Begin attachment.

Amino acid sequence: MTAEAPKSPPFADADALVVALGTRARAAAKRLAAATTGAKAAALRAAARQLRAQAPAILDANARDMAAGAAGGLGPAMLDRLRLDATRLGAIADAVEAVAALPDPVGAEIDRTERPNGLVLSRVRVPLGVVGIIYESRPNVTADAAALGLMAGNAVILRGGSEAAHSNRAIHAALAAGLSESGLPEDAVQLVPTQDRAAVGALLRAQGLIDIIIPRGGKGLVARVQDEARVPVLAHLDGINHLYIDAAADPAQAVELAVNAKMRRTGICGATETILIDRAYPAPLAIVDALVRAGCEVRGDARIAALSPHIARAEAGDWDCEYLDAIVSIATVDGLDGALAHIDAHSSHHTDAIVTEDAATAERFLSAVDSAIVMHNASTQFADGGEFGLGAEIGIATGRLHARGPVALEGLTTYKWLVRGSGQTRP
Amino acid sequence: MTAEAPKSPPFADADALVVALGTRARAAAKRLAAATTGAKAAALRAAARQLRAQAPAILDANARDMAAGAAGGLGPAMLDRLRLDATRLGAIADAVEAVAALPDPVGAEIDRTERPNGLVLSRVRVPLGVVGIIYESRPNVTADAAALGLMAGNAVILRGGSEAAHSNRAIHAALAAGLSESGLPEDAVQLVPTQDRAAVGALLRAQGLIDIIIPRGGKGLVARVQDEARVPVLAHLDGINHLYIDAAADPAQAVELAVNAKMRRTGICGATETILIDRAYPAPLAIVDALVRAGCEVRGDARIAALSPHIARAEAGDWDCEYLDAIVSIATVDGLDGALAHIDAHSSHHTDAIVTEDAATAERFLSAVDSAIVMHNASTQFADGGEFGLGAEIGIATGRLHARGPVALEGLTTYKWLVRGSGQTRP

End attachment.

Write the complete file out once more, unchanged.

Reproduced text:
Amino acid sequence: MTAEAPKSPPFADADALVVALGTRARAAAKRLAAATTGAKAAALRAAARQLRAQAPAILDANARDMAAGAAGGLGPAMLDRLRLDATRLGAIADAVEAVAALPDPVGAEIDRTERPNGLVLSRVRVPLGVVGIIYESRPNVTADAAALGLMAGNAVILRGGSEAAHSNRAIHAALAAGLSESGLPEDAVQLVPTQDRAAVGALLRAQGLIDIIIPRGGKGLVARVQDEARVPVLAHLDGINHLYIDAAADPAQAVELAVNAKMRRTGICGATETILIDRAYPAPLAIVDALVRAGCEVRGDARIAALSPHIARAEAGDWDCEYLDAIVSIATVDGLDGALAHIDAHSSHHTDAIVTEDAATAERFLSAVDSAIVMHNASTQFADGGEFGLGAEIGIATGRLHARGPVALEGLTTYKWLVRGSGQTRP
Amino acid sequence: MTAEAPKSPPFADADALVVALGTRARAAAKRLAAATTGAKAAALRAAARQLRAQAPAILDANARDMAAGAAGGLGPAMLDRLRLDATRLGAIADAVEAVAALPDPVGAEIDRTERPNGLVLSRVRVPLGVVGIIYESRPNVTADAAALGLMAGNAVILRGGSEAAHSNRAIHAALAAGLSESGLPEDAVQLVPTQDRAAVGALLRAQGLIDIIIPRGGKGLVARVQDEARVPVLAHLDGINHLYIDAAADPAQAVELAVNAKMRRTGICGATETILIDRAYPAPLAIVDALVRAGCEVRGDARIAALSPHIARAEAGDWDCEYLDAIVSIATVDGLDGALAHIDAHSSHHTDAIVTEDAATAERFLSAVDSAIVMHNASTQFADGGEFGLGAEIGIATGRLHARGPVALEGLTTYKWLVRGSGQTRP